‘We’re truly sorry’: Courtenay church criticized for youth retreat that lead to COVID-19 cluster


A church in Courtenay coming under fire after a youth retreat has led to a COVID-19 outbreak.

The retreat, called the Consumed Youth Conference, took place during the Nov. 19-21 weekend at Northgate Church and was attended by 350 kids between Grades 6 and 12.

One attendee posted a video of the youth conference, which shows many teens dancing without masks or physical distancing.

Jessica Livingstone, a Campbell River mom whose health is currently compromised and she’s worried about contracting COVID-19, says she finds the video showing lots of teens dancing near a stage most concerning.

“There are no masks. There are no hand-washing stations. There was no social distancing. You know it was just a bunch of youth and adults basically in a Petri dish,” said Livingstone.

Based on school exposure information following the conference Livingstone believes dozens of people, if not more, came down with COVID-19 from the event across Vancouver Island. She says hearing about the resulting COVID-19 cases is scary.

“It’s really irresponsible. That’s a lot of children in a small place and the video that’s been circling around that keeps getting removed by no means is it a conference,” said Livingstone.

Stephani Hyde, a mom and care-aid in the Courtenay, says she’s been indirectly impacted after there were 15 COVID-19 exposures at her daughter’s school, some directly linked to the event.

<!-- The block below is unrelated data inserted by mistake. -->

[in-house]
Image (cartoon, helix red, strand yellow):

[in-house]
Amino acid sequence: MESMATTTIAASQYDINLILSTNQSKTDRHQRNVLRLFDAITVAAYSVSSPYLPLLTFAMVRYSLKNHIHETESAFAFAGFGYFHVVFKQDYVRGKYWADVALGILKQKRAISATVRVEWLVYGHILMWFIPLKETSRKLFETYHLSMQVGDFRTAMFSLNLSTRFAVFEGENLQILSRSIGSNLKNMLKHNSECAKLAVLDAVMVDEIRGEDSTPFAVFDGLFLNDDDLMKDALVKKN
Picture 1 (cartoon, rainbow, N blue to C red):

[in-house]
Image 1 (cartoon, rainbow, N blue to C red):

“I’ve had to keep my children home from school for the last two weeks and home school them,” said Hyde, a mother of two girls, who attend Arden Elementary.

She says the church should never have held such a large event.

“I think it’s ignorant and I think they owe the community an apology,” said Hyde.

Matt Morrison, Northgate Church’s communications manager, says there was extra cleaning and hand sanitizer was available at the events. He also says the event was permitted under the public health orders.

“At the time, the public health order was that this would fall into the religious exemption order, which meant no vaccine mandates were required and there were no capacity limits,” said Morrison.

The church thought it had a good safety plan in place but, Morrison says if they could do things differently and improve, they would.

“Our team did go over and above actually letting all the staff, leaders, kids in attendance know that masks would be mandatory. Obviously, we’ve seen the pictures and videos and now know that wasn’t followed as we had hoped and that was disappointing.”

Although the church posted a lengthy statement on its webpage about the incident, Morrison also apologized for any role the church may have played in causing the COVID-19 cluster in the Comox Valley.

“There is a lot of disappointment across the valley and so for any part that Northgate might have played in that we want you to know we’re truly sorry,” he says.

In a statement, Island Health says “the current daily case counts across the Island Health region cannot be solely attributed to this cluster.” The health authority also says the outbreaks aren’t causing any “serious” outcomes in the community.

“These community cases are occurring in a highly vaccinated population and we are not observing serious health outcomes related to this cluster,” it said in its statement to CHEK News.

 Matt Morrison, Northgate Church’s communications manager, apologized for any role the church may have played in causing the COVID-19 cluster in the Comox Valley. (CHEK News)

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Kendall HansonKendall Hanson

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